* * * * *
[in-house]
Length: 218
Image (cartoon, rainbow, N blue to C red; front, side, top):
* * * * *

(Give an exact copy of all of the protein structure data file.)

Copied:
[in-house]
Length: 218
Image (cartoon, rainbow, N blue to C red; front, side, top):